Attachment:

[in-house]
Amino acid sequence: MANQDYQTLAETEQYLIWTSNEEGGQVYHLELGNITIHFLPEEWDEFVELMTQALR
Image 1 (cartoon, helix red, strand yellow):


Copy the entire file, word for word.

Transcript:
[in-house]
Amino acid sequence: MANQDYQTLAETEQYLIWTSNEEGGQVYHLELGNITIHFLPEEWDEFVELMTQALR
Image 1 (cartoon, helix red, strand yellow):